- If your immune system is compromised, check with your healthcare provider before you go swimming.
- Do not enter the water if the swim area is closed. This applies to physical hazards such as rip currents, sharks at the beach or biological hazards that have been discovered.
- Do not swim if the water is cloudier than normal or smells bad. This can indicate that there has been some sort of contamination.
- Do not enter the water if you are sick with diarrhea.
- Do not enter the water if you have an open cut or wound. This also applies to anyone healing from such a wound or a surgical procedure. This is an entry point for some pathogens into the body
- Do not swallow the water
- Keep sand away from your mouth.
- Don’t poop or pee in the water. Take regular breaks so that kids won’t do it in the water either.
- Wash your hands for 20 seconds before eating food or letting your hands near your mouth.
1. Wade, Timothy J., Sams, Elizabeth A., Beach, Michael J., Collier, Sarah A., Dufour, Alfred P., The incidence and health burden of earaches attributable to recreational swimming in natural waters: a prospective cohort study. Environmental Health 12:67, 2013.
2. Perrine, M.W., Mundt, James C., and Weiner, Robert I., When Alcohol and Water Don’t Mix: Diving under the Influence. Journal of Studies on Alcohol. 55: 517-524, 1995.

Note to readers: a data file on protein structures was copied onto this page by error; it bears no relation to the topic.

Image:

3. Swimming Safely in Lakes, Rivers and Streams, American Red Cross, 2021.
4. Swimming in Natural Waters. Virginia Department of Health. 2021.
5. Outbreaks Associated with Untreated Recreational Water — California, Maine, and Minnesota, 2018–2019. Centers for Disease Control (CDC). Morbidity and Mortality Weekly Report (MMWR), June 26, 2020.
6. LEARN: What Affects Human Health at the Beach. United States Environmental Protection Agency (USEPA).
7. Oceans, Lakes, Rivers. Healthy Swimming Website. Centers for Disease Control (CDC).
8. RWQC Fact Sheet: E. coli O157:H7, Pool and Hot Tub Alliance, March 2017.
9. Parasites — Naegleria fowleri — Primary Amebic Meningoencephalitis (PAM) — Amebic Encephalitis. Centers for Disease Control (CDC).
10. Unintentional Drownings: Get the Facts. Centers for Disease Control (CDC).
11. Outbreaks Associated with Untreated Recreational Water – United States 2000-2014, Centers for Disease Control (CDC). Morbidity and Mortality Weekly Report (MMWR). June 29, 2018.
12. Heaney, Christopher, Sams, Elizabeth, Wing, Steve, Marshall, Steve, Brenner, Kristen, Dufour, Alfred P., Wade, Timothy J. Contact with Beach Sand Among Beachgoers and Risk of Illness. American Journal of Epidemiology. Volume 170, Issue 2, 15 July 2009. Pages 164-172. Contact With Beach Sand Among Beachgoers and Risk of Illness | American Journal of Epidemiology | Oxford Academic (oup.com)
Natural environments, unlike swimming pools, are typically not treated for potentially harmful microorganisms.
Natural environments contain physical hazards that swimming pools typically do not, such as fishing line and hooks, broken glass on bottom, rocks, logs and other obstructions, etc.
There may be chemical and biological hazards present in a particular natural swimming environment, and extra precautions may be necessary to mitigate any risk.
There may be designated areas for swimming in a natural environment.
Special safety signs and flags may be posted for additional directions.
This article first appeared in the June 2021 issue of AQUA Magazine — the top resource for retailers, builders and service pros in the pool and spa industry. Subscriptions to the print magazine are free to all industry professionals. Click here to subscribe.